Sun | Jan 23, 2022

‘We have to remember their sacrifice’ - War veterans saluted in annual service at Heroes Park

Published:Thursday | November 12, 2020 | 12:18 AMAndre Williams/Staff Reporter
Retired Major Johanna Lewin.
Retired Major Johanna Lewin.
British High Commissioner Asif Ahmad (centre) walks back after laying a wreath at the cenotaph at National Heroes Park in Kingston yesterday in honour of servicemen who fought in World Wars I and II.
British High Commissioner Asif Ahmad (centre) walks back after laying a wreath at the cenotaph at National Heroes Park in Kingston yesterday in honour of servicemen who fought in World Wars I and II.
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Retired Major Johanna Lewin believes that occasions like Remembrance Day to honour war veterans are still momentous even when all the battle warriors have passed away.

“They gave their lives for us. They made a lot of sacrifices, and many of them came back home and contributed significantly to national development,” Lewin told The Gleaner on yesterday’s Remembrance Day, dedicated to honouring servicemen from World Wars I and II.

“Even if you take one aspect or the other, a lot of them got training overseas while they were there, which made them much more able to contribute [to their home countries],” added Lewin, who now oversees the welfare of local veterans.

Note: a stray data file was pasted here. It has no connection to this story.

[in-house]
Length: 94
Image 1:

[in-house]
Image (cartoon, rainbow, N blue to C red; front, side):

Hundreds of Jamaicans served in World Wars I and II, fighting alongside British and Canadian soldiers. They were honoured in a national memorial service and wreath-laying ceremony held at the National Heroes Park yesterday.

Lewin told The Gleaner of one veteran who is currently unwell and in need of blood.

“He lied about his age [in order to go to war]. I think he was 14 or 15 when he got on that boat and went across the Big Pond with the torpedo boat and all of that at great risk. Some of them probably did not understand the risk at the time, but it doesn’t matter. They wanted to serve, and that was what they did,” she said.

Lewin said that Jamaica had roughly 8,000 citizens serving in World War II alone.

“Of that, the majority – about 5,000 or 5000-plus – were from the Royal Air Force, which is the main organisation that I represent, but these guys gave a lot and even so when they are gone, even when the ones who are alive now are gone, we have to remember them and their sacrifice and their services,”she said.

“This is why we have freedom – because of the war and because we won it. The Battle of Britain, which we celebrate in September every year, was considered by the world and Winston Churchill, who was the [British] prime minister at the time, to have been the epic battle that won WWII,” Lewin continued.

British High Commissioner Asif Ahmad, who was among the guests and who laid a wreath in honour of the veterans, told The Gleaner that he was moved by the occasion even though the service had to be adjusted because of COVID-19.

“It’s moving to see the remembrance I’m used to in the UK carried out with such sincerity and solemnity here in Jamaica. It’s poignant to remember that many people from Jamaica served in the British Forces, and so we honour them. My only regret is that this year, I could not greet the veterans in person like I’ve done every year since I’ve been here,” he said.

Some of the veterans were not able to attend yesterday’s service in person as they are among the high-risk groups for COVID-19. andre.williams@gleanerjm.com